We all love celebrations, don’t we? If you are a part of the Indian culture or connect to it in any way, the season of festivities spans the entire calendar. From the harvest festivals commencing at the beginning of the English year to the globally known Christmas, the months from January to December carry a schedule of over a dozen major festivals.
Harvest seasons are indeed occasions worth celebrating, especially for an agricultural economy. Thus, the winter harvest season, which falls around the middle of January, witnesses a zeal from every community. A myriad of regional festivals across the different regions of India takes over, with a vibe full of hopes and delight.
Astrologically, the Sun moves into the Makara / Capricorn zone, and these days mark an end to the winter chill and the onset of summery days. This yearly phenomenon takes different names and rituals in the form of Makar Sankranti, Lohri, Pongal, Vishu, and Bihu across India, as an occasion to rejoice for Indians across the globe.
Let us know more about diverse rituals and dress codes for different versions of the winter harvest fiesta –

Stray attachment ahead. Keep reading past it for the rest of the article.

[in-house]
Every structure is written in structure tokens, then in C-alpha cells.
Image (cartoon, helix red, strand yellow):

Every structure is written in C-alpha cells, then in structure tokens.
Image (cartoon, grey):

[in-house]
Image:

Traditional Sarees for Harvest Festivals
This word means ‘spilling over’- because this occasion involves the ritual of boiling rice in a pot till it starts overflowing. Pongal – is one of the most important festivals for the southern states of India, especially Tamil Nadu. The festivities span over four days and rightfully involve heavy feasting and socializing. While indicating a good harvest and the beginning of better days ahead, the auspicious time calls for being decked up in new festive wear.
Silk sarees are undoubtedly a staple for women across the Southern states. The towns and villages in Tamil Nadu are home to some of the finest silk weaving handlooms in the world. Kanchipuram silk sarees in bright colors and indulgent with rich golden zari designs are the prime festive attire – especially for the elite.
The sartorial choices are thus primely rich Kanjeevaram saris for the ladies, while girls prefer half sarees or pavadais made with Kanchi weaves. Women also indulge in heavy traditional gold jewelry and use real flowers for adorning their hair.
Many people end up spending a hefty amount on festival preparations and outfits. However, if you don’t wish to indulge in a high-end real Kanchipuram, you settle for an art silk saree – or even a Kanchi cotton saree – perfectly dressy and budgeted versions for long days of festivities.
As enthusiastic as the south Indians, the North Indians have their way of ending the harvest season of their winter crop. Lohri, which falls on the 13th of January, is fondly celebrated by Sikhs and Punjabis across the globe. Devotees offer their prayers by going round a bonfire, followed by Bhangra and Giddha performances on energetic Punjabi beats!